Day 229. Pectin

In March 2013 on March 29, 2013 at 3:06 pm

quince core

I’m very excited that we harvested our first quinces of the season today.

We picked only a very small fraction of the bounty on the tree – it’s been a huge crop this year.

quince lots

The fruit are fuzzy green and yellow on the outside, and creamy on the inside with dark red seeds.

We’re currently poaching about 15 peeled, cored and chopped quinces in 2 litres of light sugar syrup with vanilla and lemon juice (a la Stephanie Alexander).

The peeling part was a dream come true compared to previous years, thanks to an ingenious machine gifted to me by a very kind sister and brother-in-law currently living in Paris.

quince peel

Although we removed the cores, we didn’t add them to our compost heap quite yet. Instead, they were bound up in muslin and added to the poaching mixture as a valuable source of pectin.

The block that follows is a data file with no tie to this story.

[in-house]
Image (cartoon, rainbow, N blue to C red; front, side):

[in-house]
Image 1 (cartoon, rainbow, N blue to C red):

quince cores

The pectin will help transform our thin, runny sugar syrup into a thick, syrupy goo surrounding the cooked quinces. This process will take approximately 8 hours in a slow oven.

quinces cooking

But what is pectin, and how does it work? I’ll let you know tomorrow, and show some photos of the finished product. Well…products actually. Stay tuned.

  1. […] I was expecting pectin in yesterday’s brew of poached quinces. […]

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